13. not editable if vandalised frequently

  14. perused by thousands for accuracy and mechanics

  15. second most visited site after google

  16. represents a new way of learning and business

  17. many contibute to one article instead of a few

There are possible flaws as there are in traditional sources of information.

Potential Problems

  1. errors

  2. vandalism

  3. lies

  4. writing is not always good or consistent

  5. writing too complex for younger readers

I would love to teach my son's class the pros and cons of using wikipedia. Are you in your classroom?

Saturday, November 20, 2010

10 ways to encourage students to take responsibility

I was tweeted Ed Ustanges's posterous post on the 10 ways to encourage students to take responsibility. I have listed his top ten, for more details see Ed's post. Great work Ed! I think I will ask my intern to evaluate me on Ed's list. I hope I pass.

1. Don’t make all the decisions

2. Don’t play guess what’s in my head

3. Talk less

4. Model behaviors and attitudes that promote learning.

5. Ask for feedback

6. Test less

7. Encourage goal setting and reflection.

8. Don’t over plan.

9. Focus on learning, not work.

10. Organise student led conferences

Kim Cofino, Finding the Right Fit: International Schools

I was tweeted a great post by Kim Cofino called "Finding the Right Fit", which is about applying to teach in an international school. Kim's post is very well written and makes me want to apply. I know I will keep her post in mind as I plan for the future. There are a world of opportunities out there. Have a look at her post!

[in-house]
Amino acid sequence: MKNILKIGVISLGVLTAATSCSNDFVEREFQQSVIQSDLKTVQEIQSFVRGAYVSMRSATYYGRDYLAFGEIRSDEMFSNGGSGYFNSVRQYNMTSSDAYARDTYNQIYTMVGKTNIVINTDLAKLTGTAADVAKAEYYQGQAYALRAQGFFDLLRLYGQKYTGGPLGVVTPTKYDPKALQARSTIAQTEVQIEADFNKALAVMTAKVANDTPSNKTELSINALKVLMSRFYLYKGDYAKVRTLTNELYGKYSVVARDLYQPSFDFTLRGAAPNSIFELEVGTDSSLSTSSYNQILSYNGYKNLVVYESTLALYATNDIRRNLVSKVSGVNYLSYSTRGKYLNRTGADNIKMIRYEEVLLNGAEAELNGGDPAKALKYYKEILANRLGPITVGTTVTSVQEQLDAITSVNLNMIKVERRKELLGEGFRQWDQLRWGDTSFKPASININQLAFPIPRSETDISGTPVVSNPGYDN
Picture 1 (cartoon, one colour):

I have included the promo movie for the school she is at, the Yokohama International School(YIS).

An Introduction to YIS from Yokohama International School on Vimeo.

Blooms and 2.0?

I got this schematic from a retweet (). Have a look at it, click on it to enlarge.

While I think it is interesting, why would we think that using voicethread or glogster would involve the higher order thinking and creating of Bloom's taxonomy? I have seen many projects done with those tools which were all about knowledge consumption and lower order thinking rather than knowledge production. What do you think?

Wednesday, November 17, 2010

Public Education?